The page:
13 May 2007

Not all reunions are warm and fuzzy

Read this AP story about a reunion that is not warm and fuzzy, although the researcher holds out hope.

Retired teacher Sol Factor, 60, of Ohio had been looking for 17 years for his mother, a Holocaust survivor who disappeared after World War II. He finally found her, but it hasn't exactly gone as he had planned.

We regret to inform you that we located the above mentioned person, but she would not like to be contacted by the inquirer," reads the message from Magen David Adom, the Israeli counterpart of the American Red Cross.

Factor, who had found clues to his past with the help of the Red Cross and a vast archive of Nazi records, knows only that his mother, now 83 years old, is living in Israel.

"Of course I'm disappointed because one likes searches like this to end with happy reunions," he said in an interview in his home in this Cleveland suburb.

"There's a sense of actual relief too, because now some of the mystery has been solved," he said.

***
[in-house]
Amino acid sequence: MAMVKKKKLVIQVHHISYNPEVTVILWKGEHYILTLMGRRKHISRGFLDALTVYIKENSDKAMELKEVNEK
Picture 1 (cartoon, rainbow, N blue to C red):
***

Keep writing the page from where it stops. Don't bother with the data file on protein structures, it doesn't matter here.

Born Meier Pollak in Munich, Germany in 1946 to Romanian-born Rosa Pollak, also spelled Polak, Factor located documents showing that Rosa and her newborn son were discharged from a maternity hospital on July 9, 1946, went to a hospital for refugees and became separated soon after. He was adopted by a Massachusetts couple in 1950 and began looking for his biological mother in 1990.

The story touches on the Bad Arolsen archives, Magen David Adom (Israeli Red Cross), and Amcha, an Israeli organization assisting survivors. Factor received the letter through the Holocaust and War Victims Tracing and Information Center of the American Red Cross in Baltimore. Since the end of World War II, it has checked on more than 40,000 missing people and located more than 1,200 alive.

Factor is still holding out hope that his mother might change her mind, and speculates on the reasons why the letter was sent.

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